As the UK economy faces into a cost of living crisis, unprecedented supply chain challenges and the legacy of a global pandemic, it is more important than ever that the opportunities that come from sharing ownership with workers and employees are well understood.

The social as well as economic benefits derived from giving people a stake and a say in their organisations can help address challenges ranging from local and regional economic growth, to structural wealth and income inequality, to the growing adult mental health crisis.

To increase and broaden knowledge and understanding of employee ownership, OAW is shaping and delivering multiple research projects with a range of world-class partners, including:

The EO Knowledge Programme

Ownership at Work is delivering an unpredecented national research programme to establish a new baseline for the economic, social and environmental impact of employee ownership.

Commisioned by the UK’s trade body the Employee Ownership Association, the EO Knowledge Programme is the largest research project ever undertaken by the sector in the UK and will run for 18-24 months. 

The Knowledge Programme will analyse the performance and impact of over 100 employee owned businesses and compare the findings to comparable non-EO businesses; and design and roll out an annual survey to capture sector best practice and build up sector-specific benchmarks.

The Transition Impact Programme

Ownership at Work is delivering a three-year research programme that aims to establish a rich and multi-dimensional understanding of the impact of introducing broad-based employee ownership into a business. 

Working with a specialist funding partner, this project will publish semi-regular outcomes data contrasting performance before and after the introduction of employee ownership in small and medium-sized firms across economic, social and environmental measures.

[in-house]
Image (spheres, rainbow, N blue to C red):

Under this Programme, we have also launched Time to Share: a place-based initiative which aims to examine the impact of raising awareness and reducing funding barriers to introducing employee ownership, and to particularly focus on the nature of subsequent social as well as economic impacts (on workforce, local community and economy). 

Building data, knowledge and insight

Alongside our two major research programmes, Ownership at Work continues to work with excellent and committed partners to grow understanding around critical issues, including: 

  • The drivers behind the sector doubling in size since 2020
  • Levels of business owner readiness for exit or retirement
  • Emerging governance best practice in businesses with Employee Ownership Trusts
  • How businesses can attribute social impact to their ownership models
  • The potential role of capital in increasing worker and employee ownership

Strengthening the sector’s evidence baseline

The research projects described above all aim to strengthen the evidence baseline that underpins the sector. In other words, to increase the volume and quality of data-driven insights available for public understanding. 

This work aims to complement and build on the very excellent research work being done by colleagues in this sector across the UK and globally. 

To date, the lagest single research exercise done on employee ownership in the UK was the Ownership Effect Inquiry which published its findings in June 2018 in a report entitled The Ownership Dividend.

This ground-breaking piece of work established the best baseline to date for the supporting evidence of the benefits of employee ownership in the UK. The report featured evidence, findings and recommendations of the year-long Ownership Effect Inquiry.

Led by the sector’s trade body the Employee Ownership Association, in partnership with John Lewis Partnership, the eaga Trust and the academic support of CASS Business School and Manchester Business School, the inquiry was at the time one of the most comprehensive studies of employee ownership in the UK.

More than 100 employee owned businesses (EOBs) and those who advise them gave evidence to an independent business-led panel of representatives from Britain’s leading business and professional organisations at seven hearings across the UK.

All of the research that OAW pursues builds on this foundation, and aims to strengthen findings and address gaps where they exist.